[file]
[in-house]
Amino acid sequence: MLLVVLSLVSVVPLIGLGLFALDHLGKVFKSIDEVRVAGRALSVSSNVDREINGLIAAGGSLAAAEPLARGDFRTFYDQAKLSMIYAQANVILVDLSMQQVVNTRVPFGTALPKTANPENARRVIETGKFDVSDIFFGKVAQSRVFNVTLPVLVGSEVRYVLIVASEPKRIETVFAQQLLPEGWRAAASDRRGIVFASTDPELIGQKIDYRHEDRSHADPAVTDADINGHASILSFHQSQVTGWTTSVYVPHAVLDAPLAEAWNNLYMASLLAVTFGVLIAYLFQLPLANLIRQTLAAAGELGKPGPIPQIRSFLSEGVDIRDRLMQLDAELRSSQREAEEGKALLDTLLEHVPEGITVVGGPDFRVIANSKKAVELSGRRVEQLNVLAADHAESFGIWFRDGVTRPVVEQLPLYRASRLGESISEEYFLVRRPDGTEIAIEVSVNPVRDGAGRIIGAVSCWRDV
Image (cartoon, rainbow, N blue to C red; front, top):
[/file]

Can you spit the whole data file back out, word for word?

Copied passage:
[in-house]
Amino acid sequence: MLLVVLSLVSVVPLIGLGLFALDHLGKVFKSIDEVRVAGRALSVSSNVDREINGLIAAGGSLAAAEPLARGDFRTFYDQAKLSMIYAQANVILVDLSMQQVVNTRVPFGTALPKTANPENARRVIETGKFDVSDIFFGKVAQSRVFNVTLPVLVGSEVRYVLIVASEPKRIETVFAQQLLPEGWRAAASDRRGIVFASTDPELIGQKIDYRHEDRSHADPAVTDADINGHASILSFHQSQVTGWTTSVYVPHAVLDAPLAEAWNNLYMASLLAVTFGVLIAYLFQLPLANLIRQTLAAAGELGKPGPIPQIRSFLSEGVDIRDRLMQLDAELRSSQREAEEGKALLDTLLEHVPEGITVVGGPDFRVIANSKKAVELSGRRVEQLNVLAADHAESFGIWFRDGVTRPVVEQLPLYRASRLGESISEEYFLVRRPDGTEIAIEVSVNPVRDGAGRIIGAVSCWRDV
Image (cartoon, rainbow, N blue to C red; front, top):